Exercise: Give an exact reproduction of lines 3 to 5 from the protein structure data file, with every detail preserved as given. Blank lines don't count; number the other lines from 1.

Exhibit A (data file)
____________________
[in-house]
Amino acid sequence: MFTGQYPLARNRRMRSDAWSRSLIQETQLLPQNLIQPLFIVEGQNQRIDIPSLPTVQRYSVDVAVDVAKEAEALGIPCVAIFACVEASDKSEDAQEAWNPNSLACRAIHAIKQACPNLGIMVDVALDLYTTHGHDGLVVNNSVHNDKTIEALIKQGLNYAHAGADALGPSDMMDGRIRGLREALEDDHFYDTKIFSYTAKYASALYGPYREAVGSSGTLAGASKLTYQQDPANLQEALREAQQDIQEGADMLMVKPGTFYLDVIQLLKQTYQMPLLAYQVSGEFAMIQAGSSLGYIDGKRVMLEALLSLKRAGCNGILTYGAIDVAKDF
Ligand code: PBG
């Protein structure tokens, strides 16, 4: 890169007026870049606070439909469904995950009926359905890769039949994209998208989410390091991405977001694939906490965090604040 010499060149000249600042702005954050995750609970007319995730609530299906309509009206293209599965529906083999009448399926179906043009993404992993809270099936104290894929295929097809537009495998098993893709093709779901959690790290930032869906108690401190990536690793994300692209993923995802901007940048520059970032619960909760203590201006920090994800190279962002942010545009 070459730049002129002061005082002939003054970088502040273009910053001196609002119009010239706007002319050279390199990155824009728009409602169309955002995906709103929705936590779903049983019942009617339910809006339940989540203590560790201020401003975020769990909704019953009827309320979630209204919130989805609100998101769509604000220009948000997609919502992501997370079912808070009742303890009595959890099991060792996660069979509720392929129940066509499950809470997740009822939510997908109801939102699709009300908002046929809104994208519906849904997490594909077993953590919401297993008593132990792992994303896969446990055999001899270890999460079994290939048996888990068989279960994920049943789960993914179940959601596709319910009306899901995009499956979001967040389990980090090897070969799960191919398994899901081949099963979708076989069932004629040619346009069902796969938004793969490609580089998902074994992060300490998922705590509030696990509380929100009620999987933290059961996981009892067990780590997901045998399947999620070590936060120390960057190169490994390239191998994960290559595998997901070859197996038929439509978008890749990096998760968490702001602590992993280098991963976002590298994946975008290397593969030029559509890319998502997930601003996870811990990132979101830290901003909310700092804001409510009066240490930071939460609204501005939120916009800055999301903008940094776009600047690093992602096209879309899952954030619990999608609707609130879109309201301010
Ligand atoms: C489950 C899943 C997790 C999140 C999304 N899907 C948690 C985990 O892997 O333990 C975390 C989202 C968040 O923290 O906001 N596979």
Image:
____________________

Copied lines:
Ligand code: PBG
């Protein structure tokens, strides 16, 4: 890169007026870049606070439909469904995950009926359905890769039949994209998208989410390091991405977001694939906490965090604040 010499060149000249600042702005954050995750609970007319995730609530299906309509009206293209599965529906083999009448399926179906043009993404992993809270099936104290894929295929097809537009495998098993893709093709779901959690790290930032869906108690401190990536690793994300692209993923995802901007940048520059970032619960909760203590201006920090994800190279962002942010545009 070459730049002129002061005082002939003054970088502040273009910053001196609002119009010239706007002319050279390199990155824009728009409602169309955002995906709103929705936590779903049983019942009617339910809006339940989540203590560790201020401003975020769990909704019953009827309320979630209204919130989805609100998101769509604000220009948000997609919502992501997370079912808070009742303890009595959890099991060792996660069979509720392929129940066509499950809470997740009822939510997908109801939102699709009300908002046929809104994208519906849904997490594909077993953590919401297993008593132990792992994303896969446990055999001899270890999460079994290939048996888990068989279960994920049943789960993914179940959601596709319910009306899901995009499956979001967040389990980090090897070969799960191919398994899901081949099963979708076989069932004629040619346009069902796969938004793969490609580089998902074994992060300490998922705590509030696990509380929100009620999987933290059961996981009892067990780590997901045998399947999620070590936060120390960057190169490994390239191998994960290559595998997901070859197996038929439509978008890749990096998760968490702001602590992993280098991963976002590298994946975008290397593969030029559509890319998502997930601003996870811990990132979101830290901003909310700092804001409510009066240490930071939460609204501005939120916009800055999301903008940094776009600047690093992602096209879309899952954030619990999608609707609130879109309201301010
Ligand atoms: C489950 C899943 C997790 C999140 C999304 N899907 C948690 C985990 O892997 O333990 C975390 C989202 C968040 O923290 O906001 N596979």